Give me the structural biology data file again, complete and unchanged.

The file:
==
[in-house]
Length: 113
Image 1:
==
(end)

[in-house]
Length: 113
Image 1: